• The inflammation makes the colon empty frequently causing diarrhea. Ulcers form in places where the inflammation has killed the cells lining the colon. The ulcers bleed and produce pus and mucus.
  • Symptoms of ulcerative colitis include abdominal pain, diarrhea, rectal bleeding, a recurrent urge to have a bowel movement (tenesmus), lack of appetite, fever, and fatigue.
  • Abdominal pain, diarrhea, and bloody bowel movements are the hallmark of the disease. The disease initially causes inflammation in the rectum and may gradually spread to involve the whole colon. If just the rectum is involved, it is referred to as ulcerative proctitis.
  • Ulcerative colitis is one of the inflammatory bowel diseases (IBD), the other is Crohn's disease.
    • Ulcerative colitis may be difficult to diagnose because its symptoms may mimic other intestinal disorders such as irritable bowel syndrome.
    • Crohn's disease differs from ulcerative colitis in several ways: it causes inflammation deeper within the intestinal wall, it may occur anywhere in the digestive tract, from the mouth to the anus, and is patchy in nature. While Crohn's disease most often occurs in the small intestine, there can be scattered lesions throughout the gastrointestinal tract. Ulcerative colitis affects only the colon and progresses proximally from the rectum in a continuous manner to potentially involve the rest of the colon.
    • There are an estimated 1-1.3 million people in the United States who suffer from inflammatory bowel disease. Ulcerative colitis is generally found in younger people and the diagnosis is often made in people between the ages of 15 and 30. Less frequently, the disease can also occur in people later in life, even past the age of 60. It affects both men and women equally, and there is a familial predisposition to its development. Those of Jewish heritage have a higher incidence of ulcerative colitis.

What Are the Symptoms of Diverticular Disease vs. Ulcerative Colitis?

Diverticular Disease

Most people with diverticulosis have no symptoms. When symptoms do occur, they are usually mild and include:
  • Pain in the belly (abdomen)
  • Bloating
  • Constipation (less often, diarrhea)
  • Cramping

These symptoms are nonspecific. This means that similar symptoms are seen in many different digestive disorders. They do not necessarily mean that a person has diverticulosis. If an individual has these symptoms, he or she should see a health-care professional.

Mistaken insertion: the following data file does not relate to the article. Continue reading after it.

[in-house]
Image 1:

Diverticulitis is a more serious condition and causes symptoms in most people with the condition that include:

  • Pain in the abdomen, usually in the lower left side
  • Bleeding, bright red or maroon blood may appear in the stool, in the toilet (a symptom of rectal bleeding), or on the toilet paper. Bleeding is often mild and usually stops by itself; however, it can become severe.
  • Fever
  • Nausea
  • Vomiting
  • Chills
  • Constipation (less often, diarrhea)
If diverticulitis is not treated promptly it can develop some very serious complications. A complication is suggested by any of these symptoms:
  • Worsening abdominal pain
  • Persistent fever
  • Vomiting (no food or liquid can be tolerated)
  • Constipation for an extended period of time
  • Burning or pain during urination
  • Bleeding from the rectum

Ulcerative Colitis

Common symptoms of ulcerative colitis include the following:
  • Frequent loose bowel movements with or without blood
  • Urgency to have a bowel movement (tenemus) and bowel incontinence (loss of bowel control)
  • Lower abdominal discomfort or cramps
  • Fever, lethargy, and loss of appetite
  • Weight loss with continuing diarrhea
  • Anemia due to bleeding with bowel movements
Because inflammatory bowel disease may be caused by a defect in the immune response system, other body organs may be involved, including for example:

What Causes Diverticular Disease vs. Ulcerative Colitis?

Diverticular Disease

Diverticulosis is thought to be caused by increased pressure on the intestinal wall from inside the intestine.

  • As the body ages, the outer layer of the intestinal wall thickens. This causes the open space inside the intestine to narrow. Stool (feces) moves more slowly through the colon, increasing the pressure.